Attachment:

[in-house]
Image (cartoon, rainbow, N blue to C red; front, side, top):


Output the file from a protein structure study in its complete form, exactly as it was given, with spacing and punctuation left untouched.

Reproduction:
[in-house]
Image (cartoon, rainbow, N blue to C red; front, side, top):